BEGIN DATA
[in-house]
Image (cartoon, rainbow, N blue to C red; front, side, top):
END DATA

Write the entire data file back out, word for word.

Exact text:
[in-house]
Image (cartoon, rainbow, N blue to C red; front, side, top):